In the news lately, there has been a great deal of coverage surrounding mobile phone use at the wheel. Although illegal, many motorists are still opting to use their hand-held devices whilst driving, despite the damaging implications this could have. It has now been proposed that the punishment for being caught with a mobile whilst in the driver’s seat is set to rise, with offenders receiving tougher penalties and larger fines. Although many still have a seemingly brazen attitude towards this illegal act, despite the implications it can have, there are some more common habits that many motorists are guilty of that could also potentially land you in a great deal of trouble too.
Remember, in the eyes of the law, ignorance is no defence, so it’s best to clue yourself up on these motoring illegalities, before you find yourself in trouble.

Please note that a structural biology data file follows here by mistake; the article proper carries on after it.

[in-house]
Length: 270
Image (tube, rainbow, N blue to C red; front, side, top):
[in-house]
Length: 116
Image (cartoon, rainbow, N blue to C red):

- Driving whilst on prescription drugs
It probably goes without saying that driving under the influence of drugs and hallucinogens are completely unlawful. But, we bet you didn’t know that your over-the-counter prescription drugs could lead you onto the wrong side of the law too. Some household medications come with cautionary notes suggesting that the drug could cause the user to feel drowsy and thus affect their ability to drive or operate heavy machinery. In this case, getting behind the wheel is strongly advised against and ignoring such caution could lead to a one year driving ban, an unlimited fine, up to six months in prison, and a criminal record. Always remember to read the advisory leaflet that comes alongside your medication, to keep you from having a run in with the law.
- Using phone whilst supervising learner driver